The Unsung Plumber Who Laid the Foundations for the Zionist Organization ‘The Israel Group’

May 26, 2020
(Photo by Lior Mizrahi/Getty Images)

My father was a poster boy for Zionism. He was never in the limelight but after he found his Judaism, then participated on a Jewish Federation mission to Israel, he dedicated his entire life to Israel.

Starting with the Yom Kippur War in 1973, every day he wore an “Israel Must Live” button — everywhere. (Some even believed he wore it to bed.) During the 1970s oil embargo, when some cars displayed “Burn Jews Not Oil” stickers, my dad’s bumper sticker read, “Israel’s Fate Is the Fate of the U.S.” That was on his car until a few months ago, when he stopped driving to work.

My dad, Edward Saltzberg, was born in Los Angeles in 1932, the grandson of a Yiddish stage actress from Winnipeg, Canada. When he was a little boy, his father got cancer and basically moved to City of Hope. (While critically sick, he used to sneak out to work to support the family.) After my grandfather died, my grandmother placed my dad in a Jewish orphanage, Vista Del Mar, during the week so she could work several jobs.

While in his teens, my dad worked on barbecues that his adopted father had patented and manufactured. His responsibility was cutting, sanding and placing insulation into the barbecues. That insulation was made of asbestos, and likely because of that, my dad died this month from mesothelioma.

While we were growing up, our presents were always small because, as my dad explained, Israel needed our money more than we did. Needless to say, I resented Israel from an early age.

After my dad returned from his first mission to Israel, he voluntarily began fundraising several hours a week for the Jewish Federation. He told me a story about going to a mansion in Beverly Hills to solicit funds. He spoke to a man about Israel’s urgent need for support and, after several hours, the man said to my dad: “You’ve made great points. Last year, I gave $100, and I’m glad to let you know that this year, I’m upping it to $150.” Crushed, my father never again fundraised, although he continued to volunteer his time in many areas.

Years later, a man excitedly approached my dad, calling him by his first name —  but my dad had no idea who he was. The man said that years earlier, my dad had spent hours at his home in Beverly Hills speaking passionately about Israel, and it excited him so much that he’s now the chairman of this committee and on that finance committee and so on. Obviously, the lesson is that we never know which seeds that we plant will take hold and grow.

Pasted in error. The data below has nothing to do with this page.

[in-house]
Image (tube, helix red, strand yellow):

Early on, my dad searched for his religious identity, even exploring Catholicism and Hinduism. One day, during his 20s, while my sister Diane was on the porch coloring with her friend, my dad heard the little girl say to my sister, “You color Jesus and I’ll color the Jews killing him.” My sister later asked my dad, “If she’s Catholic, what are we?” Shaken, and understanding that his kids needed to know their Jewish heritage, he quickly joined a small Reform congregation that was renting space from a church in Westwood.

My father’s dream was to live in Israel, but it never happened.

To this day, I recall standing on Mulholland Drive as Rabbi Isaiah Zeldin stuck his shovel into the dirt for the groundbreaking of Stephen S. Wise Temple, often said to be the largest Reform congregation in the world. My first Hebrew school teacher was Metuka Benjamin, who became an internationally recognized educator.

My father’s dream was to live in Israel, but it never happened. However, from his home in Los Angeles, his dedication to Israel led to a son, granddaughter and grandson all serving in the Israel Defense Forces — even though all were born in the U.S. And his Zionist seeds ultimately led to the founding of The Israel Group, an organization dedicated to fighting for Israel in the Diaspora.

Starting as a journeyman plumber and paying his way through college, my dad became one of the nation’s most respected and honored plumbing and mechanical engineers. He wrote many of Los Angeles’ plumbing codes that are still used today. My father received countless industry awards and a Wikipedia entry but his Zionism and decades of work for the benefit of Israel have never been publicly acknowledged. I’m trying to rectify that here.

Right now, I know my dad is still wearing his “Israel Must Live” button. And thanks to Zionists like him in the Diaspora, Israel will!

Jack Saltzberg is the president and founder of The Israel Group, a nonprofit dedicated to protecting Israel and fighting against the boycott, divestment and sanctions movement.

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